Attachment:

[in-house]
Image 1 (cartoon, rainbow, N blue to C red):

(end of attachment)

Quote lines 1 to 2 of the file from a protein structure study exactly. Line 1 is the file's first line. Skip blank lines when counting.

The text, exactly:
[in-house]
Image 1 (cartoon, rainbow, N blue to C red):